UCL delivering economics training to staff at the Foreign, Commonwealth & Development Office
The latest training by the FCDO to constantly advance its department’s economic skills and knowledge is being successfully delivered by UCL’s Centre for Teaching and Learning in Economics (CTaLE).
2 March 2021
In our globalised world, FCDO officials’ sound understanding of local, national and international economics is key to successfully shaping UK foreign and development policy and our cross-border relationships. That’s why in July 2017 the then FCO published a re-tender for their Economics for Foreign Policy course.
And in a significant win for the university’s Economics department, UCL won the flagship contract to train FCDO staff, here and around the world, in economics. The subject matter ranges from how different markets and exchange rates operate to the economics of climate change and macro-economic crises.
In September 2020, the UK’s Department for International Development (DFID) and the Foreign & Commonwealth Office (FCO) were merged to create the Foreign, Commonwealth and Development Office (FCDO), uniting development and diplomacy in one new department.
The FCDO pursues the UK’s national interests and projects the UK as a force for good in the world. It promotes the interests of British citizens, safeguards the UK’s security, defends UK values, works to reduce poverty and tackles global challenges with our international partners.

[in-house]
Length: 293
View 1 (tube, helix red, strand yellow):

Bespoke, practical and real-world ready
The bespoke course, which is aimed at FCDO staff who are not generally economists, was devised by UCL’s Centre for Teaching and Learning in Economics (CTaLE).
This is a team dedicated to researching, implementing and evaluating active teaching and learning strategies in economics. They help students become well-trained economists, ready to face and overcome the challenges of the 21st century; particularly those who have gone on to careers in government, private industry and policy-making.
‘We are giving FCDO staff the capability to operationalise knowledge in a way that is useful in their posts,’ said Prof Parama Chaudhury, academic director of the programme. She continued, ‘We’re introducing learners to cutting edge research and they will be equipped with the knowledge of the most reliable and current analysis on pressing issues, and what experts in the field are presently recommending in terms of policy.’
The programme is managed by UCL Consultants (UCLC), a part of UCL Innovation & Enterprise. UCLC provide a gateway between UCL expertise and the external world, managing the academic consultancy process. Simplifying the process for both academic and client stakeholders, UCLC provide commercial, contractual, course design, and project management services.
Alexis Raichoudhury, FCDO Economics Unit, agreed with Parama. They commented, “Since its inception in 2017, the programme has continued to successfully equip our staff with the practical economics skills and knowledge they require as part of a world-class foreign and development ministry”.
Popular programme design
The Economics for Foreign Policy (EFP) course is delivered via online learning.